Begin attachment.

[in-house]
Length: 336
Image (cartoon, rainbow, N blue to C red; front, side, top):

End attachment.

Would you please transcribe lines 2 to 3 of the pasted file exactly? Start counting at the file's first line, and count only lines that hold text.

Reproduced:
Length: 336
Image (cartoon, rainbow, N blue to C red; front, side, top):